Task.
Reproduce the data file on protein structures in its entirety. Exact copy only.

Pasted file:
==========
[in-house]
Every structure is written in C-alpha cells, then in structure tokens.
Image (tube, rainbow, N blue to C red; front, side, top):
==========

[in-house]
Every structure is written in C-alpha cells, then in structure tokens.
Image (tube, rainbow, N blue to C red; front, side, top):